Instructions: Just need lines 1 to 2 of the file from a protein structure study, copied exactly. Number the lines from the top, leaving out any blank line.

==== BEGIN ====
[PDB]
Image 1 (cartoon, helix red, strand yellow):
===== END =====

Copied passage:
[PDB]
Image 1 (cartoon, helix red, strand yellow):